On Meditation and Craving

I am not the only elder baby boomer to attempt to do some writing at this stage of my life. I assume I am also not the first to discover the dastardly impact of “writer’s block.”  I have started three separate posts since my last published piece nearly 6 months ago. In no case did I make it to the “publish” key.                            

I discovered in the case of my writer’s block, that the more time that passed, the more impenetrable the block became; the more severe my inner critic became. “If this piece didn’t feel good enough to post last week, how are you going to improve it to make it worthy this week?”  The bar set by my critic went ever higher, and the writing never got appreciably better.                     

It didn’t help that I looked around at some close friends, also elder boomers, who were writing prolifically and well.  At least two have written books–one already published (Law of Recreational Boating), and two more seeking publishers. My wife is also a baby boomer and a regular and excellent blogger (Cambios Coaching), with a book about to be presented to publishers.                          

So, the Hell with it.  I’m going to get back on the PC and publish one of the posts that has been languishing in draft form for months.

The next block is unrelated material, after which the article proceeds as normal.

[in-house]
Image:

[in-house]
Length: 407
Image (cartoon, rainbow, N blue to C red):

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Buddhism and Meditation

This is a totally apolitical posting about a topic I have thought about and meditated about over the past months. I join a large number of my fellow boomers in being a regular meditator ( Pew Foundation estimates that up to 50% meditate regularly; I am dubious of this result, but there it is.) Few of us are practicing Buddhists, who comprise only about 1% of Americans. Rather I am a regular if imperfect practitioner of mindfulness meditation.

I was introduced to the meditative aspects of the Buddhist tradition by a wonderful therapist in about 2000 who lent me a book by Jon Kabat-Zinn, Full Catastrophe Living (I hope I returned it).   My “mindful meditation” practice waned for a long time, but I re-discovered it in 2016, and am now meditating daily for the past several years.  I recommend it highly as a means to calm the mind and attend to some of the practical tenets of Buddhism.